A team from Kent RIGS helped excavate the find
A piece of wood found by visitors at a fossil workshop in Kent is believed to be a Bronze Age paddle.
The artefact, thought to be 3,000 years old, was found during the annual fossil hunt organised by Wildwood wildlife conservation park near Canterbury.
An "eagle-eyed individual" spotted the wood sticking out of mud in the Bronze Age sediment near Swalecliffe.
The Wildwood Trust said the paddle was in a container of water until the county conservator could examine it.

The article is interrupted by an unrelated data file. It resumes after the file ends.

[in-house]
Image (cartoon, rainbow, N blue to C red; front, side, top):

Anne Riddell, head of education at Wildwood, said: "These events are always popular and people always find something of interest, but to find something like this is fantastic and really exciting for the people who had come on the fossil hunt."
A team from Kent Regionally Important Geological Sites Group (RIGS), which co-hosted the event, helped excavate the find.
Another person then discovered a section of the opposite end of the paddle a short distance away.
A spokesperson for Wildwood said there were only thought to have been about six other paddles of its type found in the UK.